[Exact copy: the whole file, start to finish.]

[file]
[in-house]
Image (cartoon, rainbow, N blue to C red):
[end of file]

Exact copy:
[in-house]
Image (cartoon, rainbow, N blue to C red):